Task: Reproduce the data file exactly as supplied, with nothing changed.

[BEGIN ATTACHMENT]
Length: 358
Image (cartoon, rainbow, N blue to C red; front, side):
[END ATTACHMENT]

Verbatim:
Length: 358
Image (cartoon, rainbow, N blue to C red; front, side):